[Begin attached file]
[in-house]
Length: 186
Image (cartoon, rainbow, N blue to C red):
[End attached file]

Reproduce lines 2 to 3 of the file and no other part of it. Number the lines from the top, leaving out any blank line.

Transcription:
Length: 186
Image (cartoon, rainbow, N blue to C red):